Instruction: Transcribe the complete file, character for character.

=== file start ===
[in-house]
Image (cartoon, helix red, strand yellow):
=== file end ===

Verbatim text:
[in-house]
Image (cartoon, helix red, strand yellow):